Newfangled works with independent agencies to create lead development web platforms for their clients.

Newfangled works with independent agencies to create lead development web platforms for their clients.

Is it time to start a blog?



A few months ago, a friend and I found some wild bamboo and thought we'd bring a cutting home to try and raise some ourselves. After several weeks of inactivity and what seemed like complete drying (or dying) of the stalk, I concluded that my attempt had failed. But recently, thanks to Darryl Salerno's presentation at the HOW: Mind Your Own Business conference, I found out some information that would have changed everything. Did you know that, once it has been planted, bamboo takes up to four years to break the soil and begin to visibly grow? It needs all that time just to properly root in the earth. But once it has surfaced, it can grow up to six inches per day! With growth that rapid, the wait seems well worthwhile to me. If only I had done a little research and been a bit more patient!

Just like growing bamboo, maintaining a blog is really a long-term investment. In order to make the investment pay off, you'll need to identify the purpose of your blog, do some initial research in order to formulate a plan, and of course, be patient and diligent in your efforts.

This month, with these principles in mind, I want to answer a question that I am sure you have either asked yourself, or been asked by your clients: Is it time to start a blog?







Comments

Dobes Vandermeer | September 30, 2008 11:53 PM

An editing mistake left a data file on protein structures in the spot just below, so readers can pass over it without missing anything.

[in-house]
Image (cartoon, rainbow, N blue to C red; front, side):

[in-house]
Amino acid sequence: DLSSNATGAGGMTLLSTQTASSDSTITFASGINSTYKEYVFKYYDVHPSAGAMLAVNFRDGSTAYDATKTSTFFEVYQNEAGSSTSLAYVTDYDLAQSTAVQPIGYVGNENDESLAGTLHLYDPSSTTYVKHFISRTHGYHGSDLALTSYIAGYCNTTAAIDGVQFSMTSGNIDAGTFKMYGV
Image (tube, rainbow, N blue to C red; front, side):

I love that bamboo story, thanks!
Christopher Butler | October 1, 2008 7:47 AM
Dobes,

I owe that one to Darryl Salerno, as I mentioned above. He did a presentation at the HOW: Mind Your Own Business conference last week on "Revolutionizing Your Client Relations."

Thanks for reading,

Chris
Katie Jamison | October 3, 2008 11:51 AM
I'm glad you pointed out the pitfall of correlating number of comments with the success of a blog. I often compare Alexa rankings with comments for certain blogs for this very reason.

It also gives you a sense of what kind of posts illicit feedback (one type of success) vs. what kind of posts are the most likely to be shared, forwarded or shared (imo, a better sign of success).
Christopher Butler | October 7, 2008 8:12 AM
Katie,

Thanks for reading!

Great point. Visitor engagement is even tougher to measure than just the number of visitors to a website or even a particular type of content.

Web Analytics Demystified just put out a substantial report on measuring visitor engagement, which is available for download.

Chris

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